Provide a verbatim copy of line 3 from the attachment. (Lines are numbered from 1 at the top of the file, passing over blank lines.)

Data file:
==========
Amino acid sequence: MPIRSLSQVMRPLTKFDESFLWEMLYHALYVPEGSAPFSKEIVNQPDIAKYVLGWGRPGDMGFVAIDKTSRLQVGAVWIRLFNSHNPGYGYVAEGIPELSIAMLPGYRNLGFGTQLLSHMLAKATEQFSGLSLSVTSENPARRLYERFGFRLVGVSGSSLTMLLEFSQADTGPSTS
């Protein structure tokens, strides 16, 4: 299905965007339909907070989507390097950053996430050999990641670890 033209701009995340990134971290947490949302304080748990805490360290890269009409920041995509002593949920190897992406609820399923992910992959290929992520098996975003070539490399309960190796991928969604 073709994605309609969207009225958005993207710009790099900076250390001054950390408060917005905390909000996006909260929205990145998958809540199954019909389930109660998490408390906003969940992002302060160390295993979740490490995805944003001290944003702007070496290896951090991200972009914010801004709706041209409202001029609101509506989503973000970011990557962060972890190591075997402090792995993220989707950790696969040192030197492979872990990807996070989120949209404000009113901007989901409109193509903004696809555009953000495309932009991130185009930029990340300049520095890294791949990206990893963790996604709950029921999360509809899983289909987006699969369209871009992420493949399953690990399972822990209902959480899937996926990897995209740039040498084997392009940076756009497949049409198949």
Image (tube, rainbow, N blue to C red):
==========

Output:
Image (tube, rainbow, N blue to C red):